February 19, 2020 - 12:01am

Insights into consumer attitudes about food safety in five countries have been published by the European Food Safety Authority (EFSA).

Findings come from data collected in November 2019 in Albania, Montenegro, North Macedonia, Serbia and Turkey.

The EFSA commissioned the Eurobarometer study in all EU countries on interest in food safety, awareness and risk perceptions as well as trust in sources of information. Results were published on the first ever World Food Safety Day in 2019.

The survey was carried out in 28 EU member states in April 2019. Some 27,655 respondents from different social and demographic groups were interviewed face-to-face at home in their mother tongue.

The same work was done in five of seven pre-accession countries with help from the Directorate General for Communication of the European Commission. Pre-accession countries are candidates for future membership of the European Union.

Barbara Gallani, head of EFSA’s Communication, Engagement and Cooperation Department, said: “Our cooperation with pre-accession countries has been growing over the years and the completion of this survey marks another important milestone. It is of great value to have insights on food safety perceptions from five additional countries.”

Albania and Montenegro findings
In Albania, from 1,046 interviews, less than one in five were personally interested in the topic of food safety compared to two in five in the Eurobarometer study.

Food safety was second after nutrient content when Albanians were asked about the most important things when buying food. Only one in five agreed that food safety information was often highly technical and complex.

Almost half permanently changed their consumption behavior after hearing or reading about a food risk compared to a third in the Eurobarometer survey. Nearly half in Albania said food safety was the main concern when choosing food compared to only 22 percent in the Eurobarometer survey.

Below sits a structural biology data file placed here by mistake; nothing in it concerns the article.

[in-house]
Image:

Only 13 percent agreed that there are regulations in place to make sure food is safe. A total of 43 percent agreed with this statement in the Eurobarometer survey.

Albanians had poor knowledge of pesticide residues in food, food poisoning from bacteria, food hygiene and allergic reactions to food and drinks compared to the EU average. They were also not overly concerned about any of these topics.

EU institutions were more trusted by those in Albania than the EU average for information on food risks, as were non-governmental organizations (NGOs), journalists, supermarkets, food industries and celebrities, bloggers and influencers. EU institutions were the main trusted source, followed by scientists and consumer groups.

In Montenegro, from 529 interviews, almost a quarter were interested in food safety compared to two in five in the Eurobarometer study.

Food safety was top when those in Montenegro were asked about the most important things when buying food. Only 16 percent agreed that food safety information was often highly technical and complex compared to the EU average of 36 percent.

A third permanently changed their consumption behavior after hearing about a food risk but more than 40 percent took action only for a certain period. Less than one in four agreed that there are regulations to make sure food is safe.